Paul Waterhouse of Bygone Chelsea 1905-99 recounts some of our famous encounters over the years with our next league opponents, Tottenham Hotspur.
Although the rivalry between Chelsea and Tottenham Hotspur is one of the most intense in English Football, certainly as far as supporters of both clubs are concerned, it is only a fairly recent phenomena, largely arising from the 1967 F.A. Cup final when both teams met at Wembley.
However, Tottenham had the rather irritating habit of sending out congratulatory postcards to supporters whenever they did beat Chelsea. A sort of forerunner of the modern day DVD.
The North London side were formed in 1882 and in 1901 they became the first and only non league team to win the FA Cup, beating Sheffield United 3-1 in a replay after a 2-2 draw.
Despite this early success they weren’t elected to the football league until 1908 and in that first season they gained promotion to Division 1. Waiting there for them was a Chelsea side that had gained a place in Division 1 two years earlier, but had found life to be tough among the elite. Having finished in a mid table position at the end of the 1908-09 campaign, a poor start to the 1909-10 season led to the side struggling for positive results. One bright spot occurred when the two teams met for their inaugural meeting at Stamford Bridge on 18th December 1909 in front of a 40,000 gate. James Windridge gave Chelsea a 40th minute lead and a 75th minute goal from Joe Bradshaw seemed to settle the game for the home side. A goal in the 89th minute from Billy Minter gave Spurs some hope, but Chelsea held on for an important victory.
The F.A. Cup of that season brought the teams together again with the 2nd Round Tie taking place at Stamford Bridge with a 31,776 gate in attendance.
This time the visitors came out on top thanks to a solitary goal from ex Chelsea player, Percy Humphreys who would also strike again against his former employers when the return league fixture took place at White Hart Lane on 30th April 1910.
Both teams were in a dire situation, knowing that only victory could prevent either side from relegation and in front of a 35,000 gate for the final fixture of the season it all looked fine for Chelsea when James Windridge scored after 5 minutes. Just before half-time, Billy Minter levelled for Tottenham and Percy Humphreys gave the home side the lead in the 57th minute. Despite throwing everything at the home side, Chelsea couldn’t retrieve the situation and tasted relegation for the first time in their history.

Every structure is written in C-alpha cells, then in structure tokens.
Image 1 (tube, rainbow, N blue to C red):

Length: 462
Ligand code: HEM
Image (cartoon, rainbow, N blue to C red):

After finishing a very promising 3rd place in Division 1 in 1920, optimism was high when the 1920-21 campaign got underway. However, old habits die hard at Chelsea and once again inconsistent form proved the undoing of the side. Chelsea travelled to White Hart Lane on 9th October and in front of a 50,000 gate they went in a goal down at half-time, Bert Bliss scoring the goal for Tottenham. The second half was a disaster as Bert Bliss completed his hat-trick and Charlie Wilson and Jimmy Dimmock accounting for the other two goals, the result leaving Chelsea at the foot of the table.
As was the custom after World War 1, the return fixture took place a week later and 76,000 spectators, one of the largest crowds recorded at Stamford Bridge attended the match. Behind to two Charlie Wilson goals at half-time, Chelsea faced an uphill task to rescue anything from the game and two further goals from Jimmy Dimmock and Bert Bliss sealed an emphatic 4-0 win for the visitors.
During the latter half of the 1953-54 season Chelsea exhibited the kind of form that champions are made of and after being stuck in the all too familiar places at the foot of the table, a final placing of 8th was the best finish in eighteen years. As the 1954-55 campaign progressed the usual inconsistent form dogged the side and there was certainly nothing to suggest that this would be a successful season.
It all seemed to change when Tottenham Hotspur came to Stamford Bridge on 13th November 1954, along with a 52,961 gate. Although they occupied a mid table spot Chelsea would still be favourites to overturn a Spurs side that were struggling just a place off the bottom, and so it proved. Jim Lewis opened the scoring for Chelsea in the 7th minute and a minute later Roy Bentley doubled the lead. John Harris hit the post from the penalty spot and despite Johnny Gavin reducing the arrears for the visitors late on, Chelsea held on to win. The result was part of a twenty game run that included just three defeats by the time Chelsea went to White Hart Lane for the return fixture on 2nd April 1955.
Tottenham had recovered somewhat to stand in mid-table, but Chelsea proudly occupied top spot and it stayed that way after Chelsea romped to an impressive victory. In front of 53,159 spectators, Len Duquemin put the home side ahead on 23 minutes, only for Johnny McNichol to level matters shortly afterwards. After the break, Len Duquemin restored Tottenham’s lead but again it was short lived as Stan Wicks equalised two minutes later. Two quick fire goals from Johnny McNichol and a Peter Sillett penalty just after the hour set the seal on a marvellous day out in North London as Chelsea edged towards a first league championship in their jubilee year.